6 July 2023
Real Estate Disputes Alert - Summer 2023 – 3 of 5 Insights
On 17 May 2023, the Renters (Reform) Bill (the Bill) was introduced to Parliament, seeking to legislate the proposals discussed in the Government's June 2022 white paper.
We have reviewed some of the substantive changes proposed to private renting by the Bill to consider whether this amounts to a radical revolution for renters and landlords.
Abolition of assured shorthold tenancies (ASTs)
The most fundamental change is the abolition of ASTs; instead, tenancies will be assured shorthold tenancies continuing on a periodic basis, on a monthly rolling basis. It will no longer be possible for assured tenancies to be for a fixed term. If a tenant wants to move out, they will need to give their landlord at least two months' notice.
Abolition of no-fault evictions
Another significant change is the abolition of notices pursuant to section 21 of the Housing Act 1988 (the 1988 Act) ie section 21 notices which terminate ASTs on or after the expiry of the fixed term without any requirement of fault on the part of the tenant.
Expansion of possession grounds
To counterbalance the abolition of section 21 notices, the following non-exhaustive changes are proposed to grounds for obtaining possession pursuant to section 8 of the 1988 Act:
Landlords will be required to give at least two months' notice of an intention to increase the rent and can only exercise this once a year. If the tenant wishes to challenge the increase on the basis that it is disproportionate, it can apply to the First-tier Tribunal for a determination. This function is broadly similar to the existing rights under section 13 of the 1988 Act.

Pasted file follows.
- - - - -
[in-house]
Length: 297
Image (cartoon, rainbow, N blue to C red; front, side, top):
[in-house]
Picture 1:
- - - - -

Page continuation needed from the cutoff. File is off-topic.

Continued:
All private landlords will be required to join a Private Rented Sector Ombudsman scheme which will deal with disputes between landlords and tenants, with powers to award compensation and ban landlords from letting in serious circumstances.
Landlords will also be required to sign up to a Privately Rented Sector Database and will be unable to let properties until they have done so.
A term will be implied into every assured tenancy which entitles a tenant to keep a pet in the property, subject to landlord consent which cannot be unreasonably refused. Landlords can require tenants to pay their reasonable costs in maintaining insurance to cover the risk of pet damage or require the tenants to take out equivalent insurance cover themselves.
Assuming that the Bill becomes an Act, it will certainly revolutionise the private rental sector by abolishing fixed term ASTs. However, removing no-fault evictions may result in a proportion of landlords no longer being willing to let properties due to a perception that they will find it more difficult to get possession of those properties back. Consequentially, this could push up rents by strangling an already limited supply of rental accommodation. Whilst the Bill does attempt to expand the grounds upon which possession can be obtained, landlords will be all too aware that the Court system can be time-consuming and expensive.
From the perspective of tenants, enhanced regulation and a relaxation towards allowing pets in rental accommodation is a positive step and the abolition of section 21 notices will be welcomed.
We will be closely watching the passage of the Bill through Parliament, which is likely to take a significant amount of time, before it becomes an Act. If you have any queries regarding the proposals in the Bill, please don't hesitate to get in touch.
Bucknell v Alchemy Estates (Holywell) Ltd  EWHC 683 (Ch)
6 July 2023
6 July 2023
by Luke Newman